One thing that will never become ordinary to me about living in California is the abundance of fruit trees growing everywhere. Most everyone I know has some sort of fruit growing in their yard and just this weekend as we were strolling through the neighborhood, we saw figs, persimmons and bananas all during the same walk. We have a mandarin tree in our backyard and an orange tree in the front. I knew it was going to be a bumper crop this year when the tree in back was heavy with green fruit in November. I have watched the dimpled, thick-skinned orbs slowly turn from green to orange and beg to be picked for a few months now. We were throwing around the idea of picking all of the fruit a few weeks ago and then there were the bees, and we didn't want to engross ourselves in a big project like that while there was a whole lotta swarmin' going on a few paces over.
The fruit itself is a bit too sour to eat straight but I had big plans to juice them and add a little something to sweeten it up. On Saturday, after lunch, we pulled into the driveway and rather spontaneously rolled up our sleeves and dug in. We certainly had no idea what we were getting ourselves into, as we ended up with about 50 pounds (or more) of fruit. The tree was prickly too, leaving lots of scratches and dirt all up and down my arms, many times, I had the thought of getting my gloves, but I just kept motoring through. On by one, we picked each little juicy orange. I hadn't anticipated how oddly satisfying it would be to clear the tree of all of its fruit.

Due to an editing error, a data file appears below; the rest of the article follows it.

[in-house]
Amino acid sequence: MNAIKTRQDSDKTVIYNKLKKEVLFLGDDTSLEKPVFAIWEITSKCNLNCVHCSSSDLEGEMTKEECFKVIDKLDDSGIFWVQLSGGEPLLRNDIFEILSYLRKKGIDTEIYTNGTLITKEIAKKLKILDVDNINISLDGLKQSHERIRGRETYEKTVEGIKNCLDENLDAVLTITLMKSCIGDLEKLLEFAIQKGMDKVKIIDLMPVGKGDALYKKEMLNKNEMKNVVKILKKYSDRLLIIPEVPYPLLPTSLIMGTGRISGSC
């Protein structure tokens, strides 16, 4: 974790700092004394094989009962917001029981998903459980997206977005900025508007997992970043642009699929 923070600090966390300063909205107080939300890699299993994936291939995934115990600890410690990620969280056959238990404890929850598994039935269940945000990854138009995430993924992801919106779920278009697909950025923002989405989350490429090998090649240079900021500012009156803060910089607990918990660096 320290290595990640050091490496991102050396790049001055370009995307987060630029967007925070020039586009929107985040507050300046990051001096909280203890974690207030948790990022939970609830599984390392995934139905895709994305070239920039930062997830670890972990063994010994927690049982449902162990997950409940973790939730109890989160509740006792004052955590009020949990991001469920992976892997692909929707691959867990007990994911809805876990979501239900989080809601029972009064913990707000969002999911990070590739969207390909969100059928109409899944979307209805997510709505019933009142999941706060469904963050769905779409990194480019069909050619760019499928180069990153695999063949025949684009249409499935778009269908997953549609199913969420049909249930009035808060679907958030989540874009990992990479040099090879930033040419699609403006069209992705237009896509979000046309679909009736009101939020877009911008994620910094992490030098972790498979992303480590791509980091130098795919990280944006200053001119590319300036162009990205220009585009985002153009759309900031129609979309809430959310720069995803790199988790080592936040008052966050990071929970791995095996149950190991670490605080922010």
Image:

As you can imagine Rylie thought it quite fun, this little exercise of removing all of the apples from the tree. She prefers to call oranges apples. We've mentioned that they are actually called oranges many times, but she dances to the beat of her own drum, ya know?
Once we decided that we had harvested all of the fruit that we could possibly get from the trees, and it was about 2 hours after we started, I gathered up a big basket of oranges and went inside to get to juicing - by hand.
After several hours, and not making the slightest dent in our supply, I had filled a 4 quart pitcher. The juice is certainly bitter but we experimented with different sweetners and we added a bit of sparkling water and made a pretty refreshing drink reminiscent of Orangina. We picked up some basil yesterday and we have yet to experiment with a basil orange ade. The rest of the juice I packaged up for friends and neighbors.
After that I looked in this book for more ideas to use up all of this citrus that we now had on hand. I had brought some lemons home from Mandy's tree on Friday, so I decided to make an orange and lemon marmalade.
Somewhere around the third orange, I realized that marmalade is a pretty labor intensive venture. Once you julienne all of the zest, you then have to segment each orange away from its membrane. I plodded through, it was late, and I was to the last bit which is boiling the marmalade to get it up to 220 degrees and then Rylie woke up. I went in to lay with her for a while, thinking my marmalade would be ok to just boil away on the stove unattended (??) When I returned, the marmalade had scorched and made a giant mess out of my favorite enamled pan. It was all I could do to scoop the quickly hardening black goo into the garbage and leave the pan to soak overnight. The memory of the marmalade debacle followed me around like a black cloud all day Sunday. After a long and arduous struggle between a sponge and my blackened pan, I tried again today and this time I got through to the end.
I'm not sure how many more batches of this I have in me, like I said, it is quite laborious. After the juice and the marmalade, I have about 40 pounds of bitter oranges and mandarins left without any real plans. Any ideas about what I should do with them?
Last week I was out running errands when I received this text from my neighbor: